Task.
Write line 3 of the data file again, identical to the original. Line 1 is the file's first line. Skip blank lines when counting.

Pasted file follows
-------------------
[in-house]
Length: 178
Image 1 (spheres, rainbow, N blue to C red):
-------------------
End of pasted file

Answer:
Image 1 (spheres, rainbow, N blue to C red):